Expanding on this, when I say Glashütte’s traditions I am referring to our history. The brand was founded by Dr Kurtz in 1927. He was a very far-sighted entrepreneur, building wristwatches independent of the Swiss watchmaking industry. His idea was to move away from pocket watches and focus on wristwatches. In the 1940s he was responsible for the UROFA Calibre 59, the basis for the Flieger Chronograph which has since become a legend. Tutima is Glashütte.
UROFA Calibre 59
AD: Tutima offer aggressively priced watches, such as the Saxon chronograph, while also offering some very high-end watches, such as the Patria and Tempostopp. Can you explain the reason for this and will there be other high-end watches in the future?
DD: Tutima is well known for pilots’ watches. This is our business.
The high-end watches started with the creation of a minute repeater. Our technicians had this idea and we said ok, let’s see if we can do it. The minute repeater was made to celebrate Tutima returning to Glashütte. It had a very nice case and a very nice movement.
Thereafter, we made a three-hand watch with a movement based on the design of the minute repeater’s movement. The case was almost the same.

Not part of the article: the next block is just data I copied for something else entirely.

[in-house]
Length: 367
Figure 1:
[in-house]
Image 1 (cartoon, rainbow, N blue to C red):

We then made a reproduction of the 1940s chronograiph movement which we incorporated into the Tempostopp, a model we launched at Baselworld 2017.
Tutima Glashütte Tempostopp
The high-end products provide a halo effect for our regular watches. It shows what we are capable of. The Tempostopp was created to celebrate our 90th anniversary. I don’t know what we will do for our 100th anniversary!
Our regular watches remain our core business and that is what we are focussing upon. We have no immediate plans to release another high-end watch.
AD: Your company has strong ties to aviation. It sponsors the Tutima Academy of Aviation Safety and you have partnered with the German Aero Club. However, I note you also have the Tutima Racing Yacht. Does this mean that the company will offer maritime-influenced products such as marine chronometers?
UD: Our heritage is aviation, however, a watch designed for aviation is also very useful for sports on water. We make very functional, robust watches which are suitable for professional use.
Tutima Racing Yacht
The Tutima Racing Yacht is a very successful ladies team. The team members don’t wear ladies’ watches, they wear our sports watches which are ideal for racing. However, our company does offer a range of ladies’ watches.